Kerry is a short documentary about a Toronto-based Muay Thai fighter who left a life of street fighting and criminality when a close friend was murdered. Screened at the Portland International Film Festival 2013, this is a very human, honest portrait of a man who was shocked into carving out a new, much more positive life, and is a very real, grounded version of the timeless theme of overcoming adversity.

Kerry begins by discussing his past as the guy to call ‘if you wanted someone beaten up’, and his immersion in Toronto’s criminal underworld. What is striking is how mellow and sincere Kerry appears – we get the impression that he is regretful and ashamed, and it seems hard to reconcile this calm and likeable man with the image he paints of his previous self. The way in which he talks seems to suggest that the subject is difficult for him, and distinctly separate from the man he is now: he speaks slowly, stuttering now and again, as if he is reluctant to give voice to painful memories.

In discussing the climax of his former life, the murder of a close friend with a large hunting knife, Kerry is stark and to the point. While the story is tragic, Kerry’s determination to change his life following this traumatic event is heart-warming, and his humility makes it easy for him to be an Everyman and for this to be an inspirational story about self-betterment.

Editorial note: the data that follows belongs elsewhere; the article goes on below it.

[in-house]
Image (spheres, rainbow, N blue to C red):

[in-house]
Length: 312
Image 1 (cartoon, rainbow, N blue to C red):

Kerry goes on to discuss his new life, at which point a soundtrack kicks in, signalling the second ‘half’ of the film, and of Kerry’s life. Violence is transmuted through Muay Thai into an avoidance of pain and conflict, and the parallel importance of self-discipline and control, and this makes the film, as well as Kerry’s life and sense of purpose, feel fuller.

The cinematography is simple, and it is clear that the emphasis is on Kerry’s story rather than elaborate camera work. Indeed, the colours are muted and the most action is in slow-motion shots of Kerry training and fighting an opponent in the ring. This simplicity adds to the overall sense of honesty and modesty of the piece, and of Kerry himself, and again emphasizes the sense of control, both with regard to the nature of Muay Thai and, more broadly, the control Kerry now has over his life.


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